A Scriptural, Ecclesiastical, and Historical View of Slavery
The pamphlet claimed that the Bible did not forbid slavery, and although some might find it reprehensible, it cannot be deemed a sin. Hopkins concedes that slavery could be deemed a “physical evil” but the strongly opposes the idea that it is a “moral evil”, saying “I condemn the institution of Slavery … But as a Christian I am compelled to submit my weak and erring intellect to the almighty”. Hopkins also uses his claim on a political basis, arguing that the Civil War was started by “ultra abolitionists”, who preached against the word of God and turned the Union against the South.
Contents of the pamphlet
In his pamphlet Hopkins explores the Bible and systematically uses different Bible stories from the Old Testaments to prove his claim. He consistently interprets the word servant in the Bible to mean slave and thus cites the numerous instances in which the Bible talks about servants as evidence towards his claim. Some of the Bible stories that he uses are:
- The Curse of Canaan, Genesis 9:25
- Abraham and Hagar, Genesis 16:9
- The Ten Commandments
- The Jewish Laws of Servitude
He also uses the teachings of Jesus to support his claim. He drops the systematic approach he used for the Old Testament, and begins to jump around between gospels. In this section Hopkins concludes that, since Jesus did not repeal the laws pertaining to slavery, then he did not oppose them. Since slavery was in full effect during Jesus’ life, says Hopkins, his disregard for the subject entirely must signify his approval.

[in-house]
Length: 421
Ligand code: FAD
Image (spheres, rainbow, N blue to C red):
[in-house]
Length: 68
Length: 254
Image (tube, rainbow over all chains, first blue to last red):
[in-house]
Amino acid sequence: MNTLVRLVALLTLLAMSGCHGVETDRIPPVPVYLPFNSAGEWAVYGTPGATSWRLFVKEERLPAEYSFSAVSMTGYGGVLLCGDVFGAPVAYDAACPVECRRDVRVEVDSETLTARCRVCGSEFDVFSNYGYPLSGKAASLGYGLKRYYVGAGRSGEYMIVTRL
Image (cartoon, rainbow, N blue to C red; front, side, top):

A pamphlet entitled Bishop Hopkins Letter on Slavery Ripped Up and his Misuse of the Sacred Scriptures Exposed was written by an anonymous clergyman in 1863. In this pamphlet the author methodically opposes all of Hopkins’ points and either gives more evidence to show how he was wrong or gives another interpretation of the Hopkins’ evidence to prove the contrary. This opposition to Hopkins' pamphlet shows the intense divide in the Episcopal Church over the issue of slavery. Throughout the Civil War, the Church remained unclear on its official stance on slavery, and these two opposing pamphlets are a prime example of the two duelling factions.
- Anonymous. Bishop Hopkins Letter on Slavery Ripped Up and his Misuse of the Sacred Scriptures Exposed. New York: John Trow, 1863.
- Hopkins, John Henry. A Scriptural, Ecclesiastical, and Historical View of Slavery. New York: W. I. Pooley and Co., 1861.